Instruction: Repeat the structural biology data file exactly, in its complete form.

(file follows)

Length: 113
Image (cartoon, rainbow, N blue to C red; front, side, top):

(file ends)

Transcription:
Length: 113
Image (cartoon, rainbow, N blue to C red; front, side, top):